When planning virtual events, make sure that not only will people be able to attend the event but will also understand and be able to follow along as well. Having ASL interpreters and accurate, real-time captions will help your members participate better. Subtitles will only reflect what is being spoken. As such, captions go a step further by including non-spoken information such as [applause] or [laughter].  While automated captions have come a long way, they may not be very effective and reliable if your members are trying to follow along at the same time.

Keep in mind that some members will need screen readers when accessing virtual events. Ensure that your text is accessible to members. This also goes for website accessibility, as some websites prevent copying and pasting their content to reduce plagiarism. If you have pictures, whether for a virtual or in-person event presentation, explain the picture out loud.

When planning in-person events, ensure that your event is in an accessible location. Think of the access to the event space, the parking spots, and the access to transportation when picking a location.

As Sophanos points out, “there’s nothing worse than showing up to an event and having them say ‘well, we do have an elevator but it’s a service elevator in this back alley that you have to access and it’s pretty sketchy.”

Requesting Accommodations at Events

Requesting accommodations can be uncomfortable. It could mean revealing personal information just to ensure that you’re able to access this event. As an ERG lead, you need to make it easy and comfortable for employees, members of the management team, volunteers, and participants to request accommodations beforehand.

When creating registration forms, include the following phrase to the form: “do you need any accommodations to fully participate in this event?”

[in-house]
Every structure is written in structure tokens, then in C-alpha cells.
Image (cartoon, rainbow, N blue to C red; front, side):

Afterwards, provide the contact information of the employee that is assigned to handle accommodations. By having one employee in charge of accommodations, it will feel more personable. As said earlier, revealing personal information can feel uncomfortable, especially if members with disabilities feel that they will have to disclose this information to many people.

Final Thoughts

Disability and accessibility doesn’t get the level of attention that it needs. This oftentimes causes many leaders to overlook the needs of their own members.

By constantly reminding your members and your leads of your Group’s commitment to accessibility, it will be easier to ensure that everybody has access to your events. By keeping in mind where your event is located or the medium of communication for your event, you’ll be opening access to your events for more people. Finally, by making it as easy and as comfortable as possible to request accommodations, your ERG will be able to connect with more people and keep every member engaged, regardless of disability.

Chezie hosts a wide variety of virtual events to equip you with the knowledge you need to lead your ERG. Never miss an event and view past events by visiting our

events page!

Author avatar
Carlos Paniagua Emiliano
Carlos Paniagua Emiliano is currently a student at Albion College. He is passionate about marketing, writing, and digital media. My passions have led me to marketing roles, freelance opportunities, and internships in which I not only apply my marketing skills but get to make a difference.